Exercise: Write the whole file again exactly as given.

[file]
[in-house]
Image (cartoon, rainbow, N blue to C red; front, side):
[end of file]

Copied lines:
[in-house]
Image (cartoon, rainbow, N blue to C red; front, side):